» 10 days ago, # |   +10 Did other people get B accepted with some sensible solutions? We just got shameless $O(n^2)$ because who gives 10 seconds TL (which was 14 seconds in statements >:[) with $n \le 50000$
•  » » 10 days ago, # ^ |   +18 The intended solution goes with O(nlog^2n) or even O(nlogn) from zimpha. I got no idea with the TL on Yandex and all work are done by snark since I stayed in hospital for about a week :(
•  » » » 10 days ago, # ^ |   0 Why was the time limit so high then? It looked like the intended was O(n sqrt(n) log(n)) or something. My O(n log^2(n)) takes only 231ms to run. The time totally could've been way tighter if that was intended.
•  » » » » 10 days ago, # ^ | ← Rev. 2 →   0 Strange. I check both mashup and polygon, the TL is supposed to be 5000ms... The runtime of std takes 2600ms...I don’t know what happened when it is moved to Yandex.
•  » » » » » 10 days ago, # ^ |   0 The reason could be that the std runs extremely slowly on Yandex (which happened before) and the. Snark have to set it to 10s.
•  » » » » » » 10 days ago, # ^ |   0 Std runs 3.6s.... So I got no idea why TL is 10 or 14s...Sorry for this issue, should be tighter though.
•  » » » » » » » 10 days ago, # ^ |   0 Is std model solution? What does it stand for? If it runs 3.6s on Yandex then 5s would be really cruel... And we needed just 5.9s xd
•  » » » » » » » » 10 days ago, # ^ |   0 I think std stands for "standard", as in "gold standard"/model solution? Not too sure.If std took 3.6s, then 10s time limit is reasonable. Why does std take more than 1 second for $O(n log^2(n))$ when $n \le 50000$ though? That constant seems really bad.
•  » » » » » » » » 10 days ago, # ^ | ← Rev. 2 →   0 Yes, it behaves badly on Yandex, but it is O(nlog^2n) after all. If 3.6s on Yandex, a better idea is to ask the author provide one with smaller constraints, or this seems a little bit ridiculous. I think sqrt solutions (sqrt*log or sth else) can be allowed to pass, but personally I don’t want n^2 to get passed. But never mind LOL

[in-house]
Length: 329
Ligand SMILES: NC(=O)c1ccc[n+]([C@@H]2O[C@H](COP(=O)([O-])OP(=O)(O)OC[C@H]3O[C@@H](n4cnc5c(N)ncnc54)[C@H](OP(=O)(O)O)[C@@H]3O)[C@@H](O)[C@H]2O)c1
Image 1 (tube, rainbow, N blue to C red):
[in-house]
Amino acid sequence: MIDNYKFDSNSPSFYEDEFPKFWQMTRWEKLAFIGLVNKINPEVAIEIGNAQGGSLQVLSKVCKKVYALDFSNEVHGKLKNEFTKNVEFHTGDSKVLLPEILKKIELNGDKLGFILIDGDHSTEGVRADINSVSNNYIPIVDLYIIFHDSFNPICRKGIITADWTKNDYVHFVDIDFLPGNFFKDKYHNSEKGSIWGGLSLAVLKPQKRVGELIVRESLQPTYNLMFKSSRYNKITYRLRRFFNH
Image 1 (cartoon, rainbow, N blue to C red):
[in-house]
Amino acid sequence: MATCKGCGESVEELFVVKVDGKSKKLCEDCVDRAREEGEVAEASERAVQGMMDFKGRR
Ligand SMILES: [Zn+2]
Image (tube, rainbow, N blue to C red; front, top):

•  » » 10 days ago, # ^ | ← Rev. 3 →   +20 My solution was a pretty standard "merge smaller into bigger on suffix tree" idea. The hard part of this problem is counting the number of $i$ so that $s[k \ldots n] lcp(s[k\ldots n], s[i \ldots n]) \ge r-i+1 \ge 1$ (note in particular that this condition implies $k < i \le r$). (The other cases are simple rectangle queries on the set of points $(i,rank(s[i\ldots n]))$ from the suffix array of the whole string, though you could do smaller into bigger too if you wanted.)To solve this case, we run merge-smaller-into-bigger on the suffix tree. For each node, we store a set of queries with $k$ in this subtree satisfying $r-k+1 > height$ sorted by $r$, and a sorted set of indices $i$ in this subtree. You can maintain these with smaller into bigger.Then, we just need to handle all valid query/index pairs from 2 siblings being merged (queries from the left sibling and indices from the right). Once again, we use smaller into bigger. If there are fewer queries than indices, loop over the queries $r$ and count the number of indices with $r\ge i > r-height$ (so we should store the indices in an order statistic tree, I used PBDS). If there are fewer indices than queries, then for each index $i$, add one to all queries $i \le r < i+height$ (so we should store the queries in a BBST or compressed seg tree with lazy propagation, I used treap).All of this is trivial to analyze as merge-smaller-into-bigger with O(log(n))-time data structures, so it naturally achieves O(n log^2(n)). In fact, splay trees and treaps and some other BBSTs can perform union of sets of size $m •  » » » 10 days ago, # ^ | ← Rev. 2 → +28 That's exactly what we hoped for — that you guys will go for a fair solution instead of gaming the system like us haha. Maybe that's what we need to win anything xD Radewoosh was hiding from the rest of us what he is trying to do because me and Marek would try to convince him to solve it in a typical way, but he turned out to be right :p •  » » » » 10 days ago, # ^ | +10 In fairness, this solution only took ~40 or ~50 minutes to implement, and I got it without any dirt, so I'm not sure squeezing would've worked out better. We were considering it, but decided not to try. •  » » » 6 days ago, # ^ | 0 Just to confirm, "The other cases are simple rectangle queries" what are these cases? Or in other words, are you missing "k < i" condition from what you wanted to count in second paragraph? •  » » » » 6 days ago, # ^ | 0 Yes, here are the other 2 cases: Case 1:$k < i \le r$and$lcp(s[k \ldots n], s[i \ldots n]) \ge r-k+1$. Case 2:$l \le i \le r$,$s[i \ldots n] < s[k \ldots n]$, and$lcp(s[k \ldots n], s[i \ldots n]) < r-k+1$. Note that the LCP/string conditions just correspond to a range of the suffix array, so these are rectangle queries.In the second paragraph,$k < i \le r$is implicit because$r-k+1 > r-i+1 \ge 1$(sorry about that confusion).  » 10 days ago, # | 0 How to solve F? •  » » 10 days ago, # ^ | ← Rev. 2 → +8 Solution of E: Contestants may solve it with a bunch of case analysis. But the intended solution is that there must be a permutation that doing all U,D,L,R together. So enumerate all 4! and check whether it is legal. •  » » » 10 days ago, # ^ | 0 it's E. but i have already translated the solution from chinese. thanks •  » » 10 days ago, # ^ | ← Rev. 2 → 0 F (fixed point approach): As we want the minimum making optimal decisions, we can build a recursion:$E_i = \min (m + (1 - \frac{p}{10000})^i E_0, n + E_{i+1})$note. E_i is the expected time to rest with i unused fireworks.Our main problem is that we need$E_0$to solve the problem. If we take a closer look at the recursion, we can realize that:$E_0 = \min\limits_{i \ge 0}(m + n i + (1 - \frac{p}{10000})^i E_0)$We can notice that if the E_0 on the right is fixed, the function with respect to$i$in the positive reals is convex. now we can solve the problem by noting that the resulting value minus the set value gives us the direction of our optimal value in the binary search (if I set a lower value, the minimum takes a higher value and closer to our solution, if I give it a higher value, the minimum takes a lower value.). double lo = 0, hi = 1e12; for (int i = 0; i <= 65; ++i) { double mid = (lo + hi) / 2; if (f(mid) - mid >= 0) lo = mid; else hi = mid; } To solve each subproblem in good time, note that the minimum value takes it in:$i = \max(0, \log_{\beta}(\frac{-n}{x \ \log \beta})))$note. where x is the fixed value and$\beta = (1 - \frac{p}{10000})$ » 10 days ago, # | 0 Auto comment: topic has been updated by chenjb (previous revision, new revision, compare).  » 10 days ago, # | +10 I have a faster solution for I.Using a binary search for the answer, it's possible to reduce the problem to checking if there is a path satisfying a certain horizontal speed limit.Let a point be reachable if it is the end of a correct path. It's possible to bypass all obstacles iff there is a reachable point above all of them.Let's use scanline to find reachable points. Initially, the scanline is located below the obstacles and reachable points form a segment$[-m, m]$. I claim that at any height reachable points lie in a union of segments. Consider a range$[y_1, y_2]$of heights where no obstacles start or finish. To recalculate a segment of reachable points while moving the scanline through this range, one can do the following steps: Expand the segment by$\frac{v_x}{v_y} \cdot (y_2 - y_1)$from both sides Find obstacles that are the nearest to the right and the left. Intersect it with the segment formed by the upper points of the obstacles. The only case when the number of segments increases is when a segment is split by a starting point of a new obstacle. Therefore, the number of segments is$O(n)$and the overall complexity of this solution is$O\left(n^2 \log \left( \frac{C}{\varepsilon} \right)\right)$. •  » » 10 days ago, # ^ | +20 This is the idea we initially had as well. I think you should be able to do this in$\tilde{O}(n \log(n))$by maintaining events and whatnot, but I haven't worked out the details.Regardless, this solution is faster by asymptotic runtime, but not by time to AC! •  » » » 10 days ago, # ^ | +25 Isn't tilde over$O$supposed to ignore logarithmic factors? •  » » » » 10 days ago, # ^ | ← Rev. 2 → +20 Yeah, I was going to ignore them, but$\tilde{O}(n)$just looks too small, you know? I am ignoring factors of$\log(1/\varepsilon)\$ though.